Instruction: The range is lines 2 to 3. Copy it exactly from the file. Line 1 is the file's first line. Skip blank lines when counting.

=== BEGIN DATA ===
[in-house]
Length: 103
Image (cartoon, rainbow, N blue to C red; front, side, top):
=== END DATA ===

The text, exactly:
Length: 103
Image (cartoon, rainbow, N blue to C red; front, side, top):